Deflation is one of the biggest fears keeping Central Bankers up at night, not realizing that there is a distinction to be made between good and bad forms of deflation, just as there is a distinction between good and bad cholesterol. Good cholesterol is actually necessary to prevent the build up of bad cholesterol in the bloodstream. This analogy is very apt in describing the circular flow of the economy: we have a circular flow rapidly reaching a systemic buildup of debt on the verge of a stroke to the financial system, only because the Central Bank has indiscriminately thrown out the productivity-induced deflation baby with the all deflation bathwater.
I will try to make this as simple as possible assuming my audience is no more a seasoned economist than myself. So here goes: if, as an entrepreneur, I invent a new technique that allows me to make more of the same goods at a lower cost, why should the Central Bank insist on maintaining output prices? Say it cost me $100 to produce 10 widgets, which I can sell today at $12 a piece, why if I can produce 12 at the same total cost that I was able to produce 10 at previously, should I still be able to sell all 12 at $12 a piece, thereby increasing my profits by an additional $24? Nice, eh? I am still using the same amount of inputs in the form of raw materials and labour, but because of my innovation I can produce more output. I should have been able to make exactly the same amount of profits as before even by dropping my prices, allowing me to sell more without any need for the Central Bank to step in to create additional money.
Alas, that is not meant to be. Due to their fear of any price deflation whatsoever, the Central Bank will pump more money into the economy to hold unit prices up. In fact it is a general belief amongst Economists that money supply should always grow in line with productivity. It becomes a chicken and egg situation, because Economists base their belief on observing a correlation between money supply and productivity growth, believing this must therefore be empirically true, which of course it is, but only because the Central Banks made sure that money supply had kept up with output growth in the first place–by maintaining the CPI index!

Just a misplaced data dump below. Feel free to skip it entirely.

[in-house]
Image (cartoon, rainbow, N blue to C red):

What would have happened if they had let output prices slide naturally for such productivity induced gains–an abject heresy to a Central Banker–even though, as we had just seen, the entrepreneur can still make more profits by undercutting her competitors due to lower costs and increasing market share? But no, she is entitled to both the increase in market share and the full increase in profits, why forever not? In reality, one can never really tell which companies are set to gain more and which less, but added together it should be clear that all that ‘additional’ money created through the banking system to maintain CPI will ultimately end up in the hands of the companies as increased profits, thanks to the interventions of the Central Bank.
The nature of money